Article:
Thanks for joining us today, Anthony! Let’s get right into it: Who are you and what do you do at Gunfire Games?
My name is Anthony Norcott, and I am a Level Designer here at Gunfire.
Working in the gaming industry is still a dream of many (young) people. Did you always want to work in the industry and what made you get into it in the first place?
Originally, I wanted to be an architect and spent a good deal of time in school studying architecture. I was always fascinated with the idea of creating something that people could truly experience. As college progressed, I started to wonder, if there were other ways to bring great experiences to people, ways with less limitations. I have always loved games, and many moments in games have impacted me, so it kind of all came together when I realized that I could create experiences similar to the ones that shaped me so much. After I created my first functional game, I was hooked.
How did you find your way to Gunfire Games?
It came down to finding a place in the industry where I could really grow, learn, and explore. After my first interview with Gunfire, I knew I wanted to work here. They told me that even as a new employee I would have a lot of ownership of things that I would work on, that I would be constantly communicating with those right above me, and that I would be encouraged to try things out. It sounded like the perfect place to start a career, and all those points are as true seven months in as they were when I started.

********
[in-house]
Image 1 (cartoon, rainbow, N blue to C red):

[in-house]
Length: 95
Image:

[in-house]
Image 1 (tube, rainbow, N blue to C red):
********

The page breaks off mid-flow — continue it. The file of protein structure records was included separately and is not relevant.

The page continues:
Do you have any advice for those who want to work in the industry that you can share with the community?
Always be working. If you are looking for job, and you are out of school, work on solo projects, or find people to create content with. Keep an updated portfolio that is easily accessible (don’t put everything you’ve ever done on it). You should only be putting your very best work on a site or portfolio. One really good project can outshine four kind-of-okay projects, also one very bad project can easily make good projects feel less impressive. Lastly, this industry can be hard to break into. Don’t get discouraged when you don’t hear back or don’t get follow-ups. A lot of times, positions that are listed have already been filled, or things change in that studio’s pipeline, or any number of things.
Let’s talk about your work at Gunfire Games: Can you tell us what your tasks and responsibilities are?
As a Level Designer I am responsible for creating layouts. I create the shape of the spaces the player will be in. A lot of times this process is known as “Blocking Out” a level. As a designer here at Gunfire, my duties tend to extend to many other disciplines of design, with the occasional light scripting. The most important part of my job as a level designer is to understand the mechanics of the game and to create interesting spaces that allow those mechanics to be utilized in the most fun and impactful way.
The community is eager to know what project(s) you’re currently working on. Can you give us some insight?